Another deputy, Grigoris Psarianos, came out in favour of DIMAR becoming part of the government again but suggested that SYRIZA should also join. He said the “SYRIZA of Texas” – a reference to a recent speech by leftist leader Alexis Tsipras taking the return to the drachma off the table – would make a suitable partner in a broader coalition.

Lawmaker Theodoros Margaritis did not entirely rule out a return but suggested that no such option could be considered as long as Samaras remains prime minister.

MP Yiannis Panousis took a completely different view to his colleagues and said the time had come for DIMAR to start talks with SYRIZA and Communist Party over the formation of a leftist government in the future.

How is DIMAR likely to react over the next few months?

DIMAR appears trapped after its decision to join and then leave the government, just as the ultranationalist party LAOS was when it became part of the interim government led by caretaker Prime Minister Lucas Papademos in late 2011 and early 2012. LAOS disappeared without trace after its leader Giorgos Karatzaferis walked out of the administration rather than support the terms of Greece’s second bailout.

DIMAR’s decision to vote “present” in the recent no confidence vote underlined the party’s paralysis. DIMAR has been polling at around 3 percent (the threshold for entering Parliament) in recent weeks. It will not be lost on Kouvelis and his MPs that the prospect of the government collapsing and elections being called soon would leave DIMAR facing the possibility of not entering Parliament. That’s one key reason why DIMAR’s return to the government, which looked impossible five months ago, now doesn’t seem so far-fetched.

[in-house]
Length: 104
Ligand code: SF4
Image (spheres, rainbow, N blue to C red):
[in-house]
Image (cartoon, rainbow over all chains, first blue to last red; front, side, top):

Neverthless, Kouvelis’s position means that an immediate, unconditional return is out of the question. In fact, the DIMAR leader may block any kind of cooperation. Kouvelis has long been worried about his party damaging its leftist identity by working with New Democracy and PASOK to implement unpopular austerity policies as well as some reforms that DIMAR disagrees with. The prospect of SYRIZA winning the next general elections and DIMAR being one of its few potential coalition partners means that Kouvelis faces a real conundrum in deciding his party’s next move.

There is, of course, the possibility that those within the party who feel that DIMAR is consigning itself to oblivion by remaining on the sidelines will attempt to take the situation in their own hands. The likelihood, though, of a leadership challenge being mounted against Kouvelis at this stage seems slim.

A more likely option is that, as the party ponders what it should do next, some of its MPs could provide the government with support in Parliament should it be required. The knowledge that a handful of DIMAR MPs are willing to back key bills would give the government greater confidence and would allow Samaras to avoid giving in to the demands of any coalition MPs driving a hard bargain.

Sunday’s Ethnos newspaper quoted an unnamed high-ranking DIMAR source saying: “If the government faces a potential crisis, when DIMAR will be called upon to offer its cooperation, it may be a chance to change government policy to the advantage of more vulnerable citizens. Then, we would have to start from scratch with the other parties to create a new policy framework.”